Year Established: 2013 Start Date: 2013-03-01 End Date: 2014-02-28
Total Federal Funds: $19,731 Total Non-Federal Funds: Not available
Principal Investigators: Leroy Heitz, Shahram Khosrowpanah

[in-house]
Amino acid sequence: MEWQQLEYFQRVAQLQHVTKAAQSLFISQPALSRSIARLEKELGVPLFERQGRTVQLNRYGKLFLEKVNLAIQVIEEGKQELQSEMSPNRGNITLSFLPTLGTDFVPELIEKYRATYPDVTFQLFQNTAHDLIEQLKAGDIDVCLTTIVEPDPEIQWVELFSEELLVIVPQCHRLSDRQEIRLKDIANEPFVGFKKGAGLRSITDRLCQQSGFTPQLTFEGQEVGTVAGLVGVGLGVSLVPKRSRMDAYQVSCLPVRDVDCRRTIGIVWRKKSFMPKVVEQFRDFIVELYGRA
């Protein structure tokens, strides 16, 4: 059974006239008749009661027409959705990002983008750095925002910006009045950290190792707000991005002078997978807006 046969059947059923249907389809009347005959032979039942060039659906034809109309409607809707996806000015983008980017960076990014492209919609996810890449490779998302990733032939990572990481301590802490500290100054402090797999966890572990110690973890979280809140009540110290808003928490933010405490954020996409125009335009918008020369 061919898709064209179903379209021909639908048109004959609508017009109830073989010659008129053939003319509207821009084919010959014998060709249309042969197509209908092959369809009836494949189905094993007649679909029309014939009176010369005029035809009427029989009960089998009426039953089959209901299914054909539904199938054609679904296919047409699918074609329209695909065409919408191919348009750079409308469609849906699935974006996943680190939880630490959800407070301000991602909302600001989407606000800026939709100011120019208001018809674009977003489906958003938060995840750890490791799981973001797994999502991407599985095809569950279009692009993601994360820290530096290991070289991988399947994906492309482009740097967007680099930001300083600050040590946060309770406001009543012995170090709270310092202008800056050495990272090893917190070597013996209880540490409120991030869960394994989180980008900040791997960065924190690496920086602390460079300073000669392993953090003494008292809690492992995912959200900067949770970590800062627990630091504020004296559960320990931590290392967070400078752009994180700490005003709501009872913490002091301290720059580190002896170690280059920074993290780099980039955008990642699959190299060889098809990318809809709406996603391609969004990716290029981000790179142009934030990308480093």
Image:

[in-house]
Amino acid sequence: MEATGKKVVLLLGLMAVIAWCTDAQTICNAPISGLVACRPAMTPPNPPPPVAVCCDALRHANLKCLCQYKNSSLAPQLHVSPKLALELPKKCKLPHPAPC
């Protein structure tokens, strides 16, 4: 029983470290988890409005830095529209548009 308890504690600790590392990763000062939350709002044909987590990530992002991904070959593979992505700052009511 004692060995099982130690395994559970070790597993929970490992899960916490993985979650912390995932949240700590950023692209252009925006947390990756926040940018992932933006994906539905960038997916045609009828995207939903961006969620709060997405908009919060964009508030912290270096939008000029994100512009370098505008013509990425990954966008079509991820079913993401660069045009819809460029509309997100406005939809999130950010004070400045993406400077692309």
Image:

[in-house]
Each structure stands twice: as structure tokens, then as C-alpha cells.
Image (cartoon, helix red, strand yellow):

Abstract: Water hours and low delivery pressure have long been a part of the daily lives of the people in the Micronesian Islands. The problems with delivery of adequate supplies of water to the customers at appropriate pressure have become more and more of a challenge to public utilities throughout these islands. Part of these problems is due to phenomenal growth rates occurring in the island centers. This is particular true on the island of Pohnpei in Pohnpei State, Federated States of Micronesia (FSM). Over the years the Pohnpei Utility Commissions (PUC) water distributions system has grown without adequate documentation as to the extent and size of supply and transmission resources and where these resources are located. Recently new wells were added to the PUCs water supply system. In 1987 investigators from WERI developed a preliminary map and non graphical model of the water delivery system. Since then many changes and additions have made to the delivery system. This project will result in the development of a set of management and engineering tools, which the planning, operation, and engineering staff at PUC can use to better plan, operate, and maintain the water delivery system. These tools will assist PUC to develop a water system that can deliver adequate water to all the households in Pohnpei on a continuous basis with sufficient pressure. The first management tool that will be developed will be a computerized water system network model. This model will be developed using information gathered from PUC sources and from field gathered location and component description information. Other information such as system pressure and flows will be gathered as part of the calibration process of the model. The model will be available to the PUC engineering and planning staffs to help in pinpointing problems areas and to explore operation options for improving system performance. The model will be developed using the free water distribution modeling program "EPANET". This model was developed by the U.S. Environmental Protection Agency. The second tool will be a Geographic Information System based (GIS) inventory of system resources. This GIS system will describe the water sources available, the well systems in place, water storage facilities and major transmission lines in the distribution system. The GIS system will consist of maps showing the location of the various components of the water transmission system and ancillary equipment. The GIS will be available to managers and engineers so that they can explore various scenarios for long range planning for system maintenance and improvements. The GIS will also be available to the operations personnel so that they can maximize their resources for responding to emergencies, planning repairs, and purchasing the inventory of spare parts needed by the utility.